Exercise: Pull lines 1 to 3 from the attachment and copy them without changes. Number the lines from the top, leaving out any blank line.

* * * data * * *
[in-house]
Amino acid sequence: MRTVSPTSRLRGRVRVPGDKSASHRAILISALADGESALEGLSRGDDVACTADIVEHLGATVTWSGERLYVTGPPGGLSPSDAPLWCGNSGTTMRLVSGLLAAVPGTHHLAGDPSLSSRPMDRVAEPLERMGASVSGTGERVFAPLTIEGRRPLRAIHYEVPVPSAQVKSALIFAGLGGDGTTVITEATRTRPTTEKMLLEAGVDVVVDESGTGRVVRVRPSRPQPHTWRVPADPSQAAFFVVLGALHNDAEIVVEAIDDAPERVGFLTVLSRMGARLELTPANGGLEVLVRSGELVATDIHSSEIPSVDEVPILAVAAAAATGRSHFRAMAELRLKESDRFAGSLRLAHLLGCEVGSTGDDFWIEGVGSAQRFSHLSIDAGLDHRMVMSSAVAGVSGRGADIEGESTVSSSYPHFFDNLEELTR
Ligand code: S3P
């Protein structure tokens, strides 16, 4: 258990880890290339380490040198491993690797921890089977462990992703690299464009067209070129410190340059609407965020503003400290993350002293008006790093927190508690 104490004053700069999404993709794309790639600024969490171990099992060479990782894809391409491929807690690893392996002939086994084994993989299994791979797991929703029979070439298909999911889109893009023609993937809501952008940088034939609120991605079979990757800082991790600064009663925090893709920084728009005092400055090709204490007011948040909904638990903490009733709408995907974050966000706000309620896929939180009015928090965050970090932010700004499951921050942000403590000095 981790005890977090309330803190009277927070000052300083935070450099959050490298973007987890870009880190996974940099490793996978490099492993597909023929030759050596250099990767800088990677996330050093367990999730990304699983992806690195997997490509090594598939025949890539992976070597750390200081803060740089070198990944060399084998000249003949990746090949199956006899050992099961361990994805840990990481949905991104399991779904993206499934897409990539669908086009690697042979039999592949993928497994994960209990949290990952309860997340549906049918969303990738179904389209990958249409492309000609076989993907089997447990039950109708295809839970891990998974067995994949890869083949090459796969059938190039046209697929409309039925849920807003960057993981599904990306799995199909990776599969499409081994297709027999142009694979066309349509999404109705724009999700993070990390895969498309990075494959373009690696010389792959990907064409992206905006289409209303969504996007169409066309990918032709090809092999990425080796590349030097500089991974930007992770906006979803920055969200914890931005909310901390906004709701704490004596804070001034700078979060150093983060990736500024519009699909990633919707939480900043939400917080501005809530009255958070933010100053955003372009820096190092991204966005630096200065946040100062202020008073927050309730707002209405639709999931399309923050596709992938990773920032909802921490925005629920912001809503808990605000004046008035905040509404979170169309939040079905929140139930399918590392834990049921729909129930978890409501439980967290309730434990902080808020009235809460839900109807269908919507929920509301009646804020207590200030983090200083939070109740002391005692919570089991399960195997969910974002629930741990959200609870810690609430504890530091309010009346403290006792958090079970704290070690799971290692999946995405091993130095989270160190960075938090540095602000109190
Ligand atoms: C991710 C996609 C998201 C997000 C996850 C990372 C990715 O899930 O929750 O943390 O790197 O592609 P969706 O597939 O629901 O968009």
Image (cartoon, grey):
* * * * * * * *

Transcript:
[in-house]
Amino acid sequence: MRTVSPTSRLRGRVRVPGDKSASHRAILISALADGESALEGLSRGDDVACTADIVEHLGATVTWSGERLYVTGPPGGLSPSDAPLWCGNSGTTMRLVSGLLAAVPGTHHLAGDPSLSSRPMDRVAEPLERMGASVSGTGERVFAPLTIEGRRPLRAIHYEVPVPSAQVKSALIFAGLGGDGTTVITEATRTRPTTEKMLLEAGVDVVVDESGTGRVVRVRPSRPQPHTWRVPADPSQAAFFVVLGALHNDAEIVVEAIDDAPERVGFLTVLSRMGARLELTPANGGLEVLVRSGELVATDIHSSEIPSVDEVPILAVAAAAATGRSHFRAMAELRLKESDRFAGSLRLAHLLGCEVGSTGDDFWIEGVGSAQRFSHLSIDAGLDHRMVMSSAVAGVSGRGADIEGESTVSSSYPHFFDNLEELTR
Ligand code: S3P